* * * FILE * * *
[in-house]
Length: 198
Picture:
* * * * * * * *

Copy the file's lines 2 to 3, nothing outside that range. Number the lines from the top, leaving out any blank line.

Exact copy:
Length: 198
Picture: